Poila Baishak 2023- Payesh To Pulao, Gobindobhog Rice Dishes

Gobindobhog rice must be widely known to anyone from Bengal. Not just Bengal, but also Odisha is acclimated to this abundantly used rice type. If you just happened to stumble across this without knowing anything about it, we've gathered the information for you that will give you a good concept about it and show you how to use the rice to make delicious one-pot meals in your home. 

Short-grain, white, aromatic, and sticky rice is known as gobindobhog. When cooking on special events or making offerings to gods, a lot of rice is used. This is also the origin of the rice's name. Thus, the meaning of the word Gobindobhog is offerings to Gobindo. (or Govinda). However, on all significant festivals, rice is offered to gods.  

This rice's sweet, buttery, and floral scent makes it a favourite. Cooked Gobindobhog rice is distinguished from other varieties by its delicate flavours.  

Gobindbhog Khichdi: Khichdi is a straightforward, nutrient-dense food that can be prepared in just one pot. By utilising fragrant Gobindhobhog rice, Bengalis take this one step farther. In a khichdi, the rice is sautéed alongside dry-roasted moong dal. Bengalis always enjoy their meal of khichdi with a side of fries, even though a Gobindobhog khichuri is best served with a dollop of desi ghee and may not require any side dishes. To the khichdi, you can add some delicious side dishes. 

Gobindobhog Basanti Pulao: Many times a vegetarian biryani is better referred to as a pulao. That's unfortunate because pulao has long been connected to meat. Consult one of Lucknow's renowned biryani restaurants.  Yakhni Pulao with chicken is a prime example. In any case, during holy occasions, a rice-based dish commonly made using Gobindobhog rice and served with a vegetable curry is referred to as Basanti Pulao. This is comparable to the Kanika that is made in Odisha on important occasions. Is basanti pulao influenced by Odia Kanika given that it was served to Lord Jagannath at the Puri Temple? However, Bengalis now prepare them whenever there is a guest at home or on special occasions like birthdays due to affordability. In such cases, it is provided with a chicken or mutton dish.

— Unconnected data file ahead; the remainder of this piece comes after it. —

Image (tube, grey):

Gobindobhog Chaler Biryani: Kachhi biryani is well-known in Bangladesh and India as a dish linked with Hyderabad. Bangladesh makes this dish with kalo jeera rice, whilst Hyderabad utilises the long-grain, fragrant basmati rice. Awadhi Biryani from Lucknow's descendant, the pakki form of biryani, is made in Kolkata and Bengal. Both the history and the flavours of Kolkata chicken biryani are fascinating. Gobindobhog rice biryani blends the highly fragrant and tasty gobindobhog rice with the kachhi method of cooking. This has a delicate aroma and is distinctive. Do try it out! 

Payesh: Payesh is the one recipe in Bengal that is always prepared with Gobindobhog rice.  Gobindobhog rice, which is also known as kheer or payasam in other Indian languages, is the secret weapon that may transform this dish from good to outstanding. The dish is worth longing for because of the aroma of the rice and the added starch content. When it's cold outside, date palm jaggery replaces the payesh's sugar to provide the much-needed warmth throughout the chilly months of December and January. 

Muri Ghonto: Frugality has always been a way of life in Bengal. The general populace has always made the most of every item available because the area has seen droughts, famines, floods, and partition. A meal like this is murighonto. Bengalis use the head and tail of the fish in a variety of ways, while urban residents may discard them. When the fish head is cooked with savoury gobindobhog rice, vegetables like potatoes, and a variety of spices, it creates a mish mash that is affectionately referred to as murighonto, where "muri" is the name for the fish head and "ghonto" is a general term used in Bengali for mish-mash curries. The dish's flavour profile is intricate. You have the melt-in-your-mouth fish on the one hand, and the flavours of the veggies on the other. You can taste spices that are not overpowering on the palate on the one hand, and you can smell the aroma of gobindobhog rice on the other. You can serve murighonto curry with rice. But watch out for those pointed skull bones. Definitely, something you should try once in a lifetime.